Recovery Opioid Overdose Team (ROOT)

Tamera Lewis’s experience as a person in long-term recovery makes her particularly effective in ROOT, a program of Home of New Vision.  By Christina Mersereau ROOT stands for “recovery opioid overdose team.” The program, still relatively new, relies on community involvement and support from CMH (Community Mental Health), the Washtenaw County Sheriff’s Department, and Home of New Vision (HNV). Tamera Lewis is HNV’s sole team member at present, and she loves her job.  “This job has brought me back to life inside. I didn’t know what my role was supposed to be, where I fit in. Now, with ROOT, I…

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One Woman’s Story

By Christina Mersereau, rewritten from the original by Aileen Vazquez This is a true story. Zoe is not her real name. Zoe, 26, came to Home of New Vision a month after her grandmother took her to detox, and learned she was pregnant. She had hoped that by quitting the substances and relying on her love for her other children, that she could get back on her own feet herself. She found she could not—it was just too hard. Zoe had experienced a great deal of pain and trauma in her life from emotional and physical abuse, and found comfort…

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The Reaching Out

By Dave LaFave A message to the newcomer… AA, NA, Smart, Refuge, Hip, Detox, CA, OA, CMA or any other alphabet variation of “Please Help Me Stop Hurting Myself.”  “Reach out? To whom please. WHO am I supposed to reach out to?”  “No one waits for me.”  “No one cares.”  “My sisters? Nah. They have families already. They have things going on. And they don’t care.  My partner? Nah. I’ve pissed them off enough already and anyway they could care less.  Friends? No one will talk to me since that night at the game when I puked in that girls…

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Finding Your Fit

By Ryan Sawicki Seventy-five percent of people who could be diagnosed with Substance Use Disorder end up giving up substances or other unhealthy activities on their own. For the other 25%, treatment or mutual support groups are often other options for them to begin their recovery. We’ve come a long way since Bill Wilson founded AA in a dusty church basement in 1935 in Akron, Ohio. 12-step groups were the bulk of treatment options that were available for most of the 80+ years since AA was founded, and other pathways to recovery have started blooming in cities all around the…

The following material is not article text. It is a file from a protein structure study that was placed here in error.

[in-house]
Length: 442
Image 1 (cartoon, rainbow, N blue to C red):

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Language and Stigma

By Tim Shewcraft, 2019 Does language have effect because it is powerful or, rather, is language powerful because it has effect? While these questions may differ only slightly, the implications of their answers could not be more dissimilar. To affirm the former would be to say that language has power from the moment that it leaves the mouth of the speaker; whereas, an affirmation of the latter would imply that language derives its power only upon entering the ear of the one spoken to. Now, imagine that after much debate consisting of a lot of big words and confusing loops…

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Can you help?

Dear Friends, I’m asking you to join us in our battle to combat addiction and stigma in our community. Your gift–any amount–will help us SO MUCH as we continue to fight the opioid crisis and the chaos and violence that comes with it. Your money goes directly to our educational programs, to help keep drugs out of the hands of our children. To our treatment programs, where we heal individuals so they can start the healing in their families. To the hospitals, where our Recovery Coaches help overdose patients brought back from the dead (with Narcan), to find recovery and…

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Ryan’s Story

Ryan S. grew up in Wayne County, Michigan, and at age 15 was “dabbling in pot and alcohol.” At 16, after having oral surgery, he was prescribed Vicodin for pain. He immediately liked the drug, and wanted more. Ryan’s use slowly escalated until, by his senior year in high school, he was a daily user of Oxycontin. Ryan worked hard and had money, but even so, his habit was costly: $40-$50 for a single Oxycontin pill! Like many people addicted to pills, eventually it just cost too much, and Ryan switched to heroin.  His life took a turn for the worse. Overwhelmed by his addiction, Ryan lost the trust and support of his family,…

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Home of New Vision’s Recovery Coaches are Battling the Opioid Epidemic One Patient at a Time

You might walk past them on the street and never know Robert Johnson and Sundae Maas are modern-day heroes. Quiet and unassuming, Robert could be a college professor, with his close-cropped gray hair, the button-down collar shirt and narrow, black-framed glasses. Sundae has the “rock star,” personality, with her blonde hair, big smile and fashionable tastes. But, different as they are, Robert and Sundae share their passion and love in fighting the opioid epidemic, while tirelessly helping others. In long-term recovery themselves, both are Recovery Coaches with HNV’s Project ASSERT, Sundae stationed in the emergency room at St. Joseph Mercy Hospital in Ypsilanti, and Robert at the Psychiatric…

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